"Pick Battles Big Enough To Matter, But Small Enough To Win." —Jonathan Kozol
People going through organizational change often end up with a bad case of battle fatigue.
Some wear themselves out waging war on too many fronts. These are the crusaders in the anti-change crowd, the ones who oppose almost every move the organization makes toward doing things differently. They’re always bucking the odds, even fighting for things that actually wouldn’t be in their best interests if they managed to get their way. Sooner or later, these nay-sayers end up across the battlefield from the boss, at odds with a person they need as their ally.
Others waste too much emotional energy fighting over trivial issues. They blow things out of proportion, giving major attention to minor problems. For these people, practically no issue is too small that it deserves to be ignored.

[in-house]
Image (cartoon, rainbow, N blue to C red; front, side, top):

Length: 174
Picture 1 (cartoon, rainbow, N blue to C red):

Finally, we find the folks who set themselves up for stress and failure by pursuing a lost cause. These are the employees who are determined to “defend the undefendable.” They throw themselves across the tracks in a hopeless attempt to stop the freight train of reality. You’ll see them arguing against decisions that are irreversible. Or lining up on the losing side where there’s no hope of winning.
All this behavior requires enormous amounts of emotional labor. But in spite of all the effort, the end result is more likely to be personal damage than any psychic relief or satisfaction.
Pick the wrong battles, and you put yourself on a sure road to burnout.
“If you are losing a tug-of-war with a tiger, give him the rope before he gets to your arm. You can always buy a new rope.” —Max Gunther